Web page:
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solarUS said:   
JaxFL said:   Worst nightmare huh. A realtor told me about a property they managed where the tenant turned off the water/utilities and they did their move out inspection. Everything as planned. The management company/owner then contacts utilities to have service turned on and place gets flooded. Got flooded because the tub water valve was turned on and the stopper pushed closed. Obviously when the water got turned on nobody was there as the place was then vacant. I think they found out because water was coming out the front door of the house alerting neighbors. Since I heard that story I always check the fixtures etc...
i once had a place vandalized that I was in the process of renovating. Not only did they haul off the appliances and all my tools, but they opened the washing machine valve and flooded the place. neighbor saw water coming out the door and notified me.

and then there's the 4-odd times I've had actual floods in my houses.

Ah, New Orleans. (I'm leaving in a couple months!)

  Leaving!!  How does one leave once youve immersed yourself in the real estate game.  Id like to leave but dont know how I could do so without having to come back for this or that, and then Id have to hire out more work, tenant placement...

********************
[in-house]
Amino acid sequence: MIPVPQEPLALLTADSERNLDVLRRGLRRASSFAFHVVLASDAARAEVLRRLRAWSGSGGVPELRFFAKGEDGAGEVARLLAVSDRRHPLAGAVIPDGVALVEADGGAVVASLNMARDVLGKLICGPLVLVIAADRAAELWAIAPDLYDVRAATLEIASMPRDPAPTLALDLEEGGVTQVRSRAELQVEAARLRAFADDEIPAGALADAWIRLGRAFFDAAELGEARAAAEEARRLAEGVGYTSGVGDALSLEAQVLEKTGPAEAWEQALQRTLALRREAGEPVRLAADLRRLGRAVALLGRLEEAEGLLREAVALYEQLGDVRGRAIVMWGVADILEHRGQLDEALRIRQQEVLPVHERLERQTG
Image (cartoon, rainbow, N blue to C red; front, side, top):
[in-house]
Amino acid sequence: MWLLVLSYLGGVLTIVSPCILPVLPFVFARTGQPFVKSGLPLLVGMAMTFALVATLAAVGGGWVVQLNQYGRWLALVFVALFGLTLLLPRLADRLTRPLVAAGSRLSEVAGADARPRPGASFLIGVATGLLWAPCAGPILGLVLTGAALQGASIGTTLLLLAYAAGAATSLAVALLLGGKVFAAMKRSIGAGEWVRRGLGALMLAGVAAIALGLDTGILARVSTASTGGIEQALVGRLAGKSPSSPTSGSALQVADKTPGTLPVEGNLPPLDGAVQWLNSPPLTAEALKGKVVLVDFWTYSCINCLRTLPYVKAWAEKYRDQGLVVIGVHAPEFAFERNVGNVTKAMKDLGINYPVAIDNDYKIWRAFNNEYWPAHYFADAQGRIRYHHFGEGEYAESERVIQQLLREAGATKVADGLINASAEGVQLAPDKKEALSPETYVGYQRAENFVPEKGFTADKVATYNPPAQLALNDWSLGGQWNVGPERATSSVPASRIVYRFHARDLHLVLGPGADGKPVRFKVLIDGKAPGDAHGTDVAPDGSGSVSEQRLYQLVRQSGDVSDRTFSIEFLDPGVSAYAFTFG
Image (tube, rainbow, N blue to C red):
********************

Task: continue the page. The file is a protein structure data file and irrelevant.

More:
rated:
stanolshefski said:   
rufflesinc said:   
Ecuadorgr said:   
- Don't ask your "plumber" to avoid the $150 water shut-off fee, risking $$ thousands in the process.
-

What is this about a $150 fee to shut off the water?

  I lived in two condo buildings that didn't have separately metered water. In order to shut off the water to a unit, you had to shut off the water for the entire building.

I assume that association charges the fee to minimize non-emergency shut offs.

The only thing more stupid than having that fee to shut off water, is not to have a shut-off at each unit. I've got a warehouse condo and needed the water off for plumbing work. Craigslist plumber couldn't find the shut-off valve for unit and the condo association was no help in locating it. Had to turn off the water at the meter and for probably 20 condos. Of course plumber didn't have big enough tool to reach the meter 4 foot underground. So I end up buying one for myself. Thing is taller than me and must weigh 30 pounds. Rescheduled the job for a Sunday at 6PM.

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ach1199 said: